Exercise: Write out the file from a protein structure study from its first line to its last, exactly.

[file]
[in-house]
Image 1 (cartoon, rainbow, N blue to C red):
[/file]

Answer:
[in-house]
Image 1 (cartoon, rainbow, N blue to C red):